The report said the Taliban leader is under tight security, his location kept secret by minimizing the use of mobile phones, limiting personal engagements and conducting communications mainly by remote courier and hand-written message.
“Al-Qaida is pleased with developments in Afghanistan, which it anticipated for over 20 years,” said the UN report. “The group quickly framed the Taliban takeover as a collateral triumph for Al-Qaida.
“On 31 August, one day after the last United States troops had left Afghanistan, Al-Qaida celebrated the Taliban’s perseverance and highlighted historical links between the groups. It further seized the opportunity to renew its allegiance to Hibatullah Akhundzada as ‘leader of the faithful.’”
The report said the terrorist organization has used the Taliban takeover to attract new recruits, raise money and inspire al-Qaida affiliates globally.
“Previously, while the group was obliged to seek new safe havens, it was believed to have a continued presence in Afghanistan. Under the Taliban, Afghanistan is viewed as a friendly environment for continued occupancy.”
The report said al-Qaida has greater freedom under the new Afghan regime, but its operational capabilities are limited so far to advice and support to the Taliban. It said the organization is unlikely to mount or direct attacks outside Afghanistan “for the next year or two.”
This is owing to both a lack of capability and Taliban restraint, said the UN commissioners. “Member States remain concerned that it will regenerate that capability and that the Taliban commitment to restrain it is uncertain in the medium-to-longer term.
“Going forward, Al-Qaida appears free to pursue its objectives, short of international attacks or other high-profile activity that could embarrass the Taliban or harm their interests.”
Its focus is likely on reorganizing itself in the short-to-medium term with the ultimate objective of continuing global jihad. The report said al-Qaida will recruit, train, fundraise and distribute remaining al-Zawahiri videos.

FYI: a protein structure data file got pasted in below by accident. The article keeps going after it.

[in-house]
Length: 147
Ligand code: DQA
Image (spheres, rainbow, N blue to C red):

“While Al-Qaida is reportedly aware of the need to avoid embarrassing the Taliban, it is noteworthy that when Taliban authorities were pressing to receive humanitarian support from the United Nations, Al-Qaida did not soften its tone regarding the United Nations or its future intentions to mount attacks against Western targets.”
In a video released in November 2021, al-Zawahiri described the UN as “an enemy of Islam.” In his most recent video, he referenced the Russian invasion of Ukraine, blaming “U.S. weakness” for the war. “Here [the U.S.] is after its defeat in Iraq and Afghanistan, after the economic disasters caused by the 9/11 invasions, after the corona pandemic, and after it left its ally Ukraine as prey for the Russians,” he said.
“Al-Qaida appears free to pursue its objectives, short of international attacks or other high-profile activity that could embarrass the Taliban.”
In February 2022, al-Qaida conveyed its close links to the Taliban in print, advising the new leaders of Afghanistan to become a regional military power and promising to carry out attacks against the West—though they took care to note that such attacks would emanate from places other than Afghanistan.
Said the report: “The Taliban victory in Afghanistan has inspired terrorists around the world, although the relocation of foreign terrorist fighters to Afghanistan has not materialized in significant numbers.”
The Taliban insist there are no foreign terrorist fighters in Afghanistan, yet a multitude of terrorist groups have taken up residence in the country since the Taliban takeover, the Pakistani Taliban, known as TTP, the largest among them.
TTP numbers are estimated at 3,000-4,000 along the Afghan-Pakistan border. They have conducted numerous attacks and operations in Pakistan.